Here are some suggestions:

  • Enter your child’s sport events on your personal calendar so you are aware of when and where they take place.
  • Ask your child which practices or games are most important to her.
  • Make a commitment to attend a minimum of one event per week.
  • Be the first person to call your child after a game you can’t attend and say that you want to hear all about it.
  • If you feel uneducated about the sport, get a book or Google it.
  • Find at least one aspect of your child’s activity with which you can help (practice, equipment repair, watching video together, etc.).
  • Cultivate an interest in what’s happening and show it sincerely.
  • Sponsor Vulnerabilities

    • During a game or practice when you’re most likely to show little concern about performance or appear bored.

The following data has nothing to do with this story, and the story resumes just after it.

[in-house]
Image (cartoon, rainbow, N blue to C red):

• At mealtime you are most likely to be the one to tune-out during a conversation about the last game or issues concerning the team.
    • Car rides – your pre-occupation with other priorities (work) may mean you’re on your cell phone and missing a chance to chat about important character building events in your child’s life.
    • Why:

      • Sponsors have other activities, commitments, or people on their mind during the exact moments their children need their attention regarding sports & life.

      Sponsor Opportunity
      The opinion that matters most to children is what they think you think of them. Giving your attention to them and caring about what they care about is an opportunity that disappears in a few short years. Take advantage of that window of opportunity.

The Hero

The Hero-Parent purposefully avoids adding performance pressure to a child’s athletic world. While this parent is deeply interested in how his child performs, he’s more interested in how she lives and how she feels about herself – win or lose. For that reason more conversations are directed at the bigger life-lessons than at sport techniques and strategies. It’s not that sport issues are ignored. They are left primarily to the coach to fulfill. Sport specific conversations are still important for parents to have with their children, but they consist of more questions and discussion than lecture and directing.